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Protein TNFSF10 PDB 1d0g.png
Available structures
PDBOrtholog search: PDBe RCSB
AliasesTNFSF10, APO2L, Apo-2L, CD253, TL2, TRAIL, TNLG6A, tumor necrosis factor superfamily member 10, TNF superfamily member 10
External IDsOMIM: 603598 MGI: 107414 HomoloGene: 2824 GeneCards: TNFSF10
RefSeq (mRNA)



RefSeq (protein)



Location (UCSC)Chr 3: 172.51 – 172.52 MbChr 3: 27.37 – 27.4 Mb
PubMed search[3][4]
View/Edit HumanView/Edit Mouse

In the field of cell biology, TNF-related apoptosis-inducing ligand (TRAIL), is a protein functioning as a ligand that induces the process of cell death called apoptosis.[5][6]

TRAIL is a cytokine that is produced and secreted by most normal tissue cells. It causes apoptosis primarily in tumor cells,[7] by binding to certain death receptors. TRAIL and its receptors have been used as the targets of several anti-cancer therapeutics since the mid-1990s, such as Mapatumumab. However, as of 2013, these have not shown significant survival benefit.[8] TRAIL has also been implicated as a pathogenic or protective factor in various pulmonary diseases, particularly pulmonary arterial hypertension.[9]

TRAIL has also been designated CD253 (cluster of differentiation 253) and TNFSF10 (tumor necrosis factor (ligand) superfamily, member 10).[7]


In humans, the gene that encodes TRAIL is located at chromosome 3q26, which is not close to other TNF family members.[5] The genomic structure of the TRAIL gene spans approximately 20 kb and is composed of five exonic segments 222, 138, 42, 106, and 1245 nucleotides and four introns of approximately 8.2, 3.2, 2.3 and 2.3 kb.

The TRAIL gene lacks TATA and CAAT boxes and the promoter region contains putative response elements for transcription factors GATA, AP-1, C/EBP, SP-1, OCT-1, AP3, PEA3, CF-1, and ISRE.[citation needed]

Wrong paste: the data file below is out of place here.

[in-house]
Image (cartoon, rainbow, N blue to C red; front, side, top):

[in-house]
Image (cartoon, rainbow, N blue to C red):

The TRAIL gene as a drug target[edit]

TIC10 (which causes expression of TRAIL) was investigated in mice with various tumour types.[8]

Small molecule ONC201 causes expression of TRAIL which kills some cancer cells.[10]


TRAIL shows homology to other members of the tumor necrosis factor superfamily. It is composed of 281 amino acids and has characteristics of a type II transmembrane protein. The N-terminal cytoplasmic domain is not conserved across family members, however, the C-terminal extracellular domain is conserved and can be proteolytically cleaved from the cell surface. TRAIL forms a homotrimer that binds three receptor molecules.


TRAIL binds to the death receptors DR4 (TRAIL-RI) and DR5 (TRAIL-RII). The process of apoptosis is caspase-8-dependent. Caspase-8 activates downstream effector caspases including procaspase-3, -6, and -7, leading to activation of specific kinases.[11] TRAIL also binds the receptors DcR1 and DcR2, which do not contain a cytoplasmic domain (DcR1) or contain a truncated death domain (DcR2). DcR1 functions as a TRAIL-neutralizing decoy-receptor. The cytoplasmic domain of DcR2 is functional and activates NFkappaB. In cells expressing DcR2, TRAIL binding therefore activates NFkappaB, leading to transcription of genes known to antagonize the death signaling pathway and/or to promote inflammation. Application of engineered ligands that have variable affinity for different death (DR4 and DR5) and decoy receptors (DCR1 and DCR2) may allow selective targeting of cancer cells by controlling activation of Type 1/Type 2 pathways of cell death and single cell fluctuations. Luminescent iridium complex-peptide hybrids, which mimic TRAIL, have recently been synthesized in vitro. These artificial TRAIL mimics bind to DR4/DR5 on cancer cells and induce cell death via both apoptosis and necrosis, which makes them a potential candidate for anticancer drug development.[12][13]

The TRAIL receptors as a drug target[edit]

In clinical trials only a small proportion of cancer patients responded to various drugs that targeted TRAIL death receptors. Many cancer cell lines develop resistance to TRAIL and limits the efficacy of TRAIL-based therapies.[14]


TRAIL has been shown to interact with TNFRSF10B.[15][16][17]

See also[edit]


  1. ^ a b c GRCh38: Ensembl release 89: ENSG00000121858 - Ensembl, May 2017
  2. ^ a b c GRCm38: Ensembl release 89: ENSMUSG00000039304 - Ensembl, May 2017